A couple areas I’m having to review multiple times such as Statement of Cash Flows…also heard that Bonds, Leases and Pensions are worth reviewing…and of course Non-profit and Government Accounting..! Yikes…so much to review. The CPAExcel comments in the front of the textbook of more difficult areas is a good guidepost…a longer list than I just mentioned.

    I created my own flashcards for the financial ratios and considering doing some more for key journal entries (which trip me up), IFRS differences with GAAP and some of the key formulas/concepts such as Dollar Value LIFO and Equity Method (as an example).

    CPAExcel text is very methodical but very dry. I find it helpful just to change up the studying to also have the Wiley Focus Notes by my side on some of the key areas and review them…cutting to the chase on certain sections.

    Yes, they say to take the exam to get beyond 75…but I’m also focusing on better than that to ensure I pass as a “one-hit wonder”…take the exam to get 100!…We’ll see…have not seen anyone on any forum do that yet!

    Thanks again Bryce for your website.

  • Gilbert

    I didn’t like the note-boards. I’m old school and like using pencil and paper. Having a note-board made it seem as though I was in a staff meeting giving a presentation on what I’ve learned. It increased the stress and was more of a distraction than a help. I’m not sure who’s idea it was to use these boards, but hopefully, the word would get out and the boards would be an option and not a regulation.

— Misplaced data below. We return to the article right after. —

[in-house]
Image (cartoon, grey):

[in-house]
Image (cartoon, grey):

• Crystal

    The noteboards are not as convenient as the pencil and paper. I had smudges from my fingers when I flipped the noteboards over and had to be very careful not to lose information. It became a distraction and a stressor–unlike the trusty pencil and paper. I hope they switch back.

    I also used the notes by jotting several mnemonics. This would help later as a reference tool–or jog my memory on something else I randomly remembered and also jotted down. I scored 70-75% on my practice exams and received much higher scores on the real exam. So do not be afraid to take your exam if you are close.

    • Bryce

      Right on Crystal, thanks for the info!

  • Claire

    Bryce,

    You mention as one of your tips to memorize only the most important ratios. Do you have advice on what ratios I should focus on?

    Thanks,
    Claire

    • Bryce

      Just focus on the main 3-4 ratio in your book, the ones that will most likely be tested on. My book had over 30 of them which was ridiculous.
      Cheers,
      Bryce

  • vinny chirico

    I took AUD (71) and Reg (83) so far, and i HATE these new notepads. Both times I went the pens barely work and half of whatever you write actually comes up on the paper bc of how crappy the pens are. It wasnt just one time this happened, it was both times, and the paper they give you is graph paper, so its really annoying when writing stuff down. Furthermore, you cant erase anything on it so if you run out of room ur screwed

  • Margaret

    Also using CPA Excel. I tested a year or so ago (3 times w/BEC) 69; 70; 69 darn…
    I don’t think I was diligent enough with studying. This time I did like you mentioned at least an hour or two on most days then heavier as it go closer to testing.
    I’m heading to take Auditing tomorrow. Thanks for the tips – I think they’ll help.